Wawrinka just won the Australian Open Grand Slam, unexpectedly defeating Rafael Nadal,  to whom he had repeatedly (at least 12 times in Grand Slam events) lost in the past.  His win was decisive, in four sets, and Wawrinka at times (according to the New York Times) bullied Nadal, something that Nadal usually does himself with fierce ground strokes and serves. 

    Wawrinka himself found it hard to believe; and it is rare that a number 8 ranked player wins over the Big Four (Murray, Federer, Djokovic, Nadal). 

    What is his secret?   According to Greg Bishop (Global New York Times, Jan. 28),  last March Wawrinka had the following words, written by Beckett, tattooed on his left forearm: “Ever tried. Ever failed. No matter. Try again. Fail again. Fail better!”  (from his play Westward Ho!, 1983).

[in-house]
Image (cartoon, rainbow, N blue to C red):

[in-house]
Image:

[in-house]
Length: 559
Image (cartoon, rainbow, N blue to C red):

Before Sunday’s Australian Open final,  the Big Four players had won 34 of the 35 major titles.  That means, if you’re not one of the big four, you have a one in 35 chance to win, or less than three per cent.  But, if you try to fail better (that means, try your absolute best, facing huge odds, battle with everything you have, leave it all on the court, and walk off with dignity and pride even if you lose),  one day you will win.  Or, you will “fail to fail”, as Bishop puts it nicely, which means you will succeed. 

   Wawrinka offers us a big lesson in life.  And it was fun to see how he himself could hardly believe he had won. 

Blog entries written by Prof. Shlomo Maital

Shlomo Maital